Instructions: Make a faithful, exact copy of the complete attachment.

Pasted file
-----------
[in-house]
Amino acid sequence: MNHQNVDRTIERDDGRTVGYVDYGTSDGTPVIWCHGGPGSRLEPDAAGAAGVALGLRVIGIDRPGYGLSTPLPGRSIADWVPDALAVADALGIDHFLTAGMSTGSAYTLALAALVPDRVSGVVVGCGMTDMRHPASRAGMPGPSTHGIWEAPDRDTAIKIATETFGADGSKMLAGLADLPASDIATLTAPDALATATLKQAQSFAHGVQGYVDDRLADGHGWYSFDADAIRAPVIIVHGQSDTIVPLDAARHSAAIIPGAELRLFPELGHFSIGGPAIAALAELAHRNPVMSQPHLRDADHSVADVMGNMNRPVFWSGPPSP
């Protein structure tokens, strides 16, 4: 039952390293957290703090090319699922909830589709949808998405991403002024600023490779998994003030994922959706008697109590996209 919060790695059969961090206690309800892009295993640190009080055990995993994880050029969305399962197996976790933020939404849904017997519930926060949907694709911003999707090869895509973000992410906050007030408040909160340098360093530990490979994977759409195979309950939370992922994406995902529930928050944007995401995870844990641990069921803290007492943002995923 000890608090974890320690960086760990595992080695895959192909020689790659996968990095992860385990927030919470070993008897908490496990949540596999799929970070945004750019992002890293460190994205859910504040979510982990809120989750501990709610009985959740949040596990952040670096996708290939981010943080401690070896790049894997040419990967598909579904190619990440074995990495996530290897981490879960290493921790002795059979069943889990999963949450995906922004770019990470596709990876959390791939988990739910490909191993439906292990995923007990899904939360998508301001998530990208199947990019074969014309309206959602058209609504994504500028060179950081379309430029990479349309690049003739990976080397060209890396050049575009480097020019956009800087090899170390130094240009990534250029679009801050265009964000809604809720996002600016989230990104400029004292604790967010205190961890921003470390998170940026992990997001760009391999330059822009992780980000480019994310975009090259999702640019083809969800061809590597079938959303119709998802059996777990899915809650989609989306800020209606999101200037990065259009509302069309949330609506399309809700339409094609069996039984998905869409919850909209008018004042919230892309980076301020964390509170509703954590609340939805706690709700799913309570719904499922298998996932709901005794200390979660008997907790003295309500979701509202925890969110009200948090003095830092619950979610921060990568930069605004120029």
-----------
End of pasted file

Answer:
[in-house]
Amino acid sequence: MNHQNVDRTIERDDGRTVGYVDYGTSDGTPVIWCHGGPGSRLEPDAAGAAGVALGLRVIGIDRPGYGLSTPLPGRSIADWVPDALAVADALGIDHFLTAGMSTGSAYTLALAALVPDRVSGVVVGCGMTDMRHPASRAGMPGPSTHGIWEAPDRDTAIKIATETFGADGSKMLAGLADLPASDIATLTAPDALATATLKQAQSFAHGVQGYVDDRLADGHGWYSFDADAIRAPVIIVHGQSDTIVPLDAARHSAAIIPGAELRLFPELGHFSIGGPAIAALAELAHRNPVMSQPHLRDADHSVADVMGNMNRPVFWSGPPSP
């Protein structure tokens, strides 16, 4: 039952390293957290703090090319699922909830589709949808998405991403002024600023490779998994003030994922959706008697109590996209 919060790695059969961090206690309800892009295993640190009080055990995993994880050029969305399962197996976790933020939404849904017997519930926060949907694709911003999707090869895509973000992410906050007030408040909160340098360093530990490979994977759409195979309950939370992922994406995902529930928050944007995401995870844990641990069921803290007492943002995923 000890608090974890320690960086760990595992080695895959192909020689790659996968990095992860385990927030919470070993008897908490496990949540596999799929970070945004750019992002890293460190994205859910504040979510982990809120989750501990709610009985959740949040596990952040670096996708290939981010943080401690070896790049894997040419990967598909579904190619990440074995990495996530290897981490879960290493921790002795059979069943889990999963949450995906922004770019990470596709990876959390791939988990739910490909191993439906292990995923007990899904939360998508301001998530990208199947990019074969014309309206959602058209609504994504500028060179950081379309430029990479349309690049003739990976080397060209890396050049575009480097020019956009800087090899170390130094240009990534250029679009801050265009964000809604809720996002600016989230990104400029004292604790967010205190961890921003470390998170940026992990997001760009391999330059822009992780980000480019994310975009090259999702640019083809969800061809590597079938959303119709998802059996777990899915809650989609989306800020209606999101200037990065259009509302069309949330609506399309809700339409094609069996039984998905869409919850909209008018004042919230892309980076301020964390509170509703954590609340939805706690709700799913309570719904499922298998996932709901005794200390979660008997907790003295309500979701509202925890969110009200948090003095830092619950979610921060990568930069605004120029």